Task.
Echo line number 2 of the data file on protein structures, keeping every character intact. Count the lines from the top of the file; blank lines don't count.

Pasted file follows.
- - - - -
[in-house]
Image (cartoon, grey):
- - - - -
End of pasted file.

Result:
Image (cartoon, grey):